In the Bible, there are many stories of plagues, and they are generally appear as a result to disobedience.
I want to focus here on two examples. One is a story that happened in the past, and one is a prophecy of a plague still to come.
What was Davis’s sin?
In the last chapter of 2 Samuel, chapter 24, we read a story about David, that was “incited” to count the people of Israel. The same story is repeated in 1 Chronicles chapter 21.
In 1 Samuel, it was the “anger of the Lord” that incited David, while in 1 Chronicles it is said that it was ‘Satan’ who stood up against Israel.
(Those two different versions may lead us to ask a question and to answer it: Where does Satan gets his power from?)
The story is simple, but the moral is not so clear:
David counted the people of Israel, and as a result of this sin, he had to be punished. Now the punishment is not on David himself, but on all the nation on behalf of David. And David got the freedom to choose which punishment to take.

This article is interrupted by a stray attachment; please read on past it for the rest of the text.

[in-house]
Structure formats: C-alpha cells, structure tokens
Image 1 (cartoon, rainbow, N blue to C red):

Gad the prophet was the messenger:
13 So Gad went to David and said to him, “Shall there come on you three years of famine in your land? Or three months of fleeing from your enemies while they pursue you? Or three days of plague in your land? Now then, think it over and decide how I should answer the one who sent me.”
2 Samuel 24:13
What was the sin that David committed? This sin is not mentioned in the Torah (the law) or anywhere else in the Bible. Isn’t the king allowed to count his people?
In fact, there are so many places in the Bible where people are counted . And one place where the Lord Himself ordered to take a census:
The Lord spoke to Moses in the tent of meeting in the Desert of Sinai on the first day of the second month of the second year after the Israelites came out of Egypt. He said: 2 “Take a census of the whole Israelite community by their clans and families, listing every man by name, one by one. 3 You and Aaron are to count according to their divisions all the men in Israel who are twenty years old or more and able to serve in the army. …. 45 All the Israelites twenty years old or more who were able to serve in Israel’s army were counted according to their families. 46 The total number was 603,550.